Human rights violations also arise at the time of arrest and detention of detainees who are not national security suspects. While Saudi law provides some formal safeguards against arbitrary arrest, police officers frequently ignore them. In violation of Saudi law, officers carry out arrests without warrants, fail to inform suspects of the reasons for their arrest or of their rights to legal counsel, do not grant detainees the right to communicate with the outside world, and do not formally charge suspects with a crime. Human Rights Watch has only come across a handful of cases where a criminal defendant was able to have access to a lawyer before a case was referred to trial.

The Commission for the Promotion of Virtue and Prevention of Vice (CPVPV) is an authorized law enforcement agency in Saudi Arabia. In 2005 the CPVPV’s 5,000 religious police officers, together with 5,000 volunteers, carried out 400,000 arrests. Since 2006 these agents, who do not wear uniform, must wear identifying badges and may only make arrests when accompanied by a regular policeman. A 1980 law empowers these religious police, who answer only to the king, to arrest, detain and interrogate persons for undefined criminal offenses. On July 1, 2007, Interior Minister Prince Nayef reaffirmed a 1981 royal decree prohibiting the religious police from detaining and interrogating suspects at their centers. A year earlier, the Saudi government declared that religious police must not detain or interrogate suspects or “violate the sanctity of private homes.” However, the CPVPV does not observe the Law of Criminal Procedure when arresting, detaining, and interrogating suspects. The president of the CPVPV said that his agents can enter private homes if they learn of a serious crime in progress. In 2007, reportedly for the first time, CPVPV members faced criminal charges of murder and abuse of power in three separate incidents, but the courts acquitted the officials.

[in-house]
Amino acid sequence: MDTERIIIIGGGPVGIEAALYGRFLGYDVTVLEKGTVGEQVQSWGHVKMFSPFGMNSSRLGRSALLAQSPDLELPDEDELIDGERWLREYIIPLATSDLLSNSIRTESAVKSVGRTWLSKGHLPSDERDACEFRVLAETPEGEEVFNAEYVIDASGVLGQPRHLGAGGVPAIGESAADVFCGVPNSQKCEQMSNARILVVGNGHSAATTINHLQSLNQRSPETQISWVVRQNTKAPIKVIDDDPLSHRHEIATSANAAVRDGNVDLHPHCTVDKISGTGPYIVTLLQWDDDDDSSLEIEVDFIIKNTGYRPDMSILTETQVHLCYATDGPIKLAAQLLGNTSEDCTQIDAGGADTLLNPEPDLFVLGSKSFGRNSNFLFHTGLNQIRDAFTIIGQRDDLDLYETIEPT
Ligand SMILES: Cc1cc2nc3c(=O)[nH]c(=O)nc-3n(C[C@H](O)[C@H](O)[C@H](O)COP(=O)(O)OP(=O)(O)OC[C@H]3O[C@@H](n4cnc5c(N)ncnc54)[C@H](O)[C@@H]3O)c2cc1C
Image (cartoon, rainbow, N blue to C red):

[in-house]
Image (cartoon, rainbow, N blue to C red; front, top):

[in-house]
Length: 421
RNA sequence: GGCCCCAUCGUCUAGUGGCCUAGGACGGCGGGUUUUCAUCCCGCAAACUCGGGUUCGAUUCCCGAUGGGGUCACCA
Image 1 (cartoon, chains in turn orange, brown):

Such arrest practices by the police and the CPVPV result in defendants waiting anxiously in prison without knowing what it is they are alleged to have done; what, if any, evidence the prosecutor has against them; when the prosecutor will interrogate them; or if he will take them to court. Several defendants told Human Rights Watch that they learned of their first court date only the night before or on the same morning. Detainees spent between a few days and several months in a police station before being moved to a general prison; in prisons there was no separation between convicted prisoners and detainees on remand or who were still awaiting a court hearing.

More than a dozen defendants arrested by the police said that at police stations, and in particular at the branches of the Ministry of Interior’s Criminal Investigation Department, police officers, and sometimes prosecutors, beat them and threatened them in order to extract confessions. Once they confessed, officers usually drove them to court for a procedure called verification of statements in which defendants put a thumbprint on statements made during interrogation in order to authenticate them for use during trial.